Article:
Attacks on the Press
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In Latin America, A Return of Censorship
By Carlos Lauría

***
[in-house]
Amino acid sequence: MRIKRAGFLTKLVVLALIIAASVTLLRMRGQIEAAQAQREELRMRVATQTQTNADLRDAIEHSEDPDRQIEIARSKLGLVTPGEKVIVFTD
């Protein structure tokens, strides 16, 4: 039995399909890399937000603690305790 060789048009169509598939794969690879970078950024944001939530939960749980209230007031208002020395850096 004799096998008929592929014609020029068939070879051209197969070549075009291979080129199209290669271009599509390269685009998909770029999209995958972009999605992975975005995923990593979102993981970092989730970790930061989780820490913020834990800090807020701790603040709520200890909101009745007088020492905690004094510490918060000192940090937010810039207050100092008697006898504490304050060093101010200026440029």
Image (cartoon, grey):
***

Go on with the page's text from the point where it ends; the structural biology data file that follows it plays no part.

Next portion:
As the preeminent political family in the northeastern state of Maranhão for more than 40 years, the Sarneys are used to getting their way in Brazilian civic life. So when the leading national daily O Estado de S. Paulo published allegations in June 2009 that linked José Sarney, the Senate president and the nation's former leader, to nepotism and corruption, the political clan did not sit idly by. The Sarneys turned to a judge in Brasília, winning an injunction that halted O Estado from publishing any more reports about the allegations. Eighteen months later, as 2010 came to a close, the ban remained in effect despite domestic and international outcry.